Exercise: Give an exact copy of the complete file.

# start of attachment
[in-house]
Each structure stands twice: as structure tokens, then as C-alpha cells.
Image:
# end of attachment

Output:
[in-house]
Each structure stands twice: as structure tokens, then as C-alpha cells.
Image: